<p>Estimated Cost of Attendance for 2011-12
Tuition And Fees $28,066
Room And Meals $9,432
Books and Supplies $1,536
Transportation $828
Miscellaneous $3,222
Total Cost $43,084</p>

<p>Need Calculation for 2011-12
Cost of Attendance: $43,084
Expected Family Contribution (EFC) - $6,000
Total Need $37,084</p>

<p>Net Cost Summary for 2011-12
Cost of Attendance: $43,084**
Total ESTIMATED Scholarship and Grant Aid - $0**
ESTIMATED Net Cost $43,084</p>

<p>Other Potential Types of Aid:
Total Estimated Student Loan $5,500
*Potential Parent PLUS Loan $37,584
Total Potential Other Types of Aid $43,084

<p>LOL...they're calling a $37k Plus loan "aid".</p>

<p>I've run into that a few times this FA journey. In my business, we call that "market positioning." LOL</p>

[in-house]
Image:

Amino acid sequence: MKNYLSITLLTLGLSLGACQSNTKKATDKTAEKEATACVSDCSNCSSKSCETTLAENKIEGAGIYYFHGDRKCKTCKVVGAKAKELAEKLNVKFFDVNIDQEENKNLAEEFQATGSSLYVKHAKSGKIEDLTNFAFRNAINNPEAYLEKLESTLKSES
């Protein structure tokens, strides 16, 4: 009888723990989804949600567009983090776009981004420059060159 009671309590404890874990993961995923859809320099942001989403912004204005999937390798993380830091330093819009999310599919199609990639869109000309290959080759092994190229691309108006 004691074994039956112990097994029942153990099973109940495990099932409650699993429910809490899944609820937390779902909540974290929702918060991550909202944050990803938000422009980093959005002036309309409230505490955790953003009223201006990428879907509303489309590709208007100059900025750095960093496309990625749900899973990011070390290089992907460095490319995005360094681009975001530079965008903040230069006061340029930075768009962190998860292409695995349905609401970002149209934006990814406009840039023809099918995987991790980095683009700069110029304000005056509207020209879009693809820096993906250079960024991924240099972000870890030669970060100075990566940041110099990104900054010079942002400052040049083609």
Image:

<p>I ran the NPC in early Sept to see how accurate it was for the school D2 is attending this year as a fr using the numbers from my submitted Profile.</p>

<p>The NPC underestimated grants by almost 4k compared to what we actually got in our FA package. However, the tuition and R&B costs were a little off, so the actual difference in direct COA to the school was more like 2k (I didn't use their estimates for travel, books & personal expenses). So, I thought it was reasonably accurate using my relatively uncomplicated financial situation.</p>

<p>Yesterday I ran the NPC again because I was doing some comparisons for a friend who was getting more aid according to the NPC than I thought was reasonable given the school and their family income and assets.</p>

<p>The NPC was different! This time it gave 9k MORE in grants than we actually received. The COA had increased too, but only by about $300.</p>